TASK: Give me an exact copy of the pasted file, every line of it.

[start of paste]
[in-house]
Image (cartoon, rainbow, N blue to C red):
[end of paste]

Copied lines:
[in-house]
Image (cartoon, rainbow, N blue to C red):